Epidural hysteria


Judy Slome Cohain doesn’t know anything about pharmacology, but that doesn’t stop her from making hysterical, unsubstantiated allegations about epidurals.

Two million American women will take an epidural trip this year during childbirth. In most cases, they’ll be ill-informed as to possible side effects or alternate methods of pain relief. In many ways, epidurals are the drug trip of the current generation. Similar to street drug pushers, most anesthesiologists in the delivery rooms maintain a low profile, avoid making eye contact and threaten to walk out if they don’t get total cooperation. Women get epidurals for one of the main reasons so many women smoked pot in the 1970s—their friends are doing it.

Gee, Judy, why don’t you tell us what you really think about epidurals and the women who choose them?

Today, health authorities tout epidural analgesia as the safest, most effective method of pain relief available for childbirth. You could not pull that off on my generation. We lost enough creative artists—Janis Joplin, John Belushi, Jim Morrison and Lenny Bruce—to injectable pain killers. We are aware of the potential of painkillers that are injected into your body—let alone into the delicate spinal cord—by someone else …

While we can figure out why Judy is hysterical: she is desperate to convince women to forgo the most effective form of pain relief in labor, her utter ignorance of chemistry and biology may not be as apparent to the lay people who read her garbage article. Judy is very, very confused. She does not know the difference between intravascular injections and epidural injections. And she apparently thinks the placenta is a sieve, allowing direct transmission of everything in the mother’s blood stream. Judy needs a lesson in pharmacology.

The basics:

1. To get to the baby, a medication needs to get to the mother first. Specifically, the medication must enter the mother’s blood stream. A medication can enter directly through intravenous administration, but if the medication is injected elsewhere, only some of it will find its way to the mother’s bloodstream. Epidurals are injected into the epidural space and that means that considerably less medication (local anesthetics and/or opiods like fentanyl) ends up in the mother’s blood stream.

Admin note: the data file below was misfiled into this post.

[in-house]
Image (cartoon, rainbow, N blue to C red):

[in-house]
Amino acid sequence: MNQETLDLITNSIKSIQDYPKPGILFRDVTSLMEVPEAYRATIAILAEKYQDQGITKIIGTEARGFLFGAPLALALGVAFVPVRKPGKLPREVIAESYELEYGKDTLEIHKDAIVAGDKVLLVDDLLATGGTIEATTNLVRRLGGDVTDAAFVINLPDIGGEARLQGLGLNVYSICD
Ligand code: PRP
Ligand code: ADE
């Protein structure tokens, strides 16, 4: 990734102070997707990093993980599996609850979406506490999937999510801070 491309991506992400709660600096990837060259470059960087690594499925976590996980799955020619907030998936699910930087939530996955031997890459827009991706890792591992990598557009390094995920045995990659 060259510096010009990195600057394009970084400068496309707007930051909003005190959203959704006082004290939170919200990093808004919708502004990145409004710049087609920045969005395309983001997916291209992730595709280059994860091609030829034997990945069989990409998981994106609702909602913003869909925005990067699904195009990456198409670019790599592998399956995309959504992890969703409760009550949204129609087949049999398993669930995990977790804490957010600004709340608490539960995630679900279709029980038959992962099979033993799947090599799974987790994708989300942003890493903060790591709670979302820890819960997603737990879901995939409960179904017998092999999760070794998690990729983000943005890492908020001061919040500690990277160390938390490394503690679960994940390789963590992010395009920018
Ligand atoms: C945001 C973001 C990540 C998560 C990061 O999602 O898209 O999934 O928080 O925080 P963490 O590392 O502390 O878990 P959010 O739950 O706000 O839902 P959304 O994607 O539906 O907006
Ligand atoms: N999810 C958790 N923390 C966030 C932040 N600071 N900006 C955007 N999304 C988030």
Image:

2. Dose counts. In her frantic rush to indict epidurals, Cohain conveniently forgets to mention that the effect of a medication depends on the dose. Janis Joplin, John Belushi, Jim Morrison and Lenny Bruce OVER-dosed on medication. They were not using the drugs in question for approved uses, either.

3. The placenta is not a sieve. Cohain imagines that whatever is in the mother’s blood stream always and easily crosses the placenta. The reality is quite different. The chapter of the Obstetric Anesthesia Handbook entitled Perinatal Pharmacology has a brief explanation:

Substances in the maternal circulation can cross the placenta by one of four mechanisms. The majority of substances are subject to passive diffusion, in which the compound flows across lipid membranes down a concentration gradient… Some substances are subject to facilitated diffusion, in which a carrier protein in the lipid membrane aids passage of the substance … Glucose crosses from the maternal to fetal circulation in this way. Active transport refers to an energy-requiring process in which a transporter molecule moves the substance … Amino acids appear to cross from the maternal to fetal circulation in this way, co-transported with sodium… Finally, some large molecules, such as immunoglobulins, are transferred via pinocytosis …

And even molecules that theoretically can pass freely across the placenta (passive diffusion), there are additional factors that modify how much gets across. These include utero-placental blood flow, maternal protein binding, and lipid solubility, among others.

The bottom line is that what is gets to the baby is far smaller than the amount of medication injected into the mother’s epidural space. Therefore, if an epidural does not sedate the mother, it certainly won’t sedate the baby.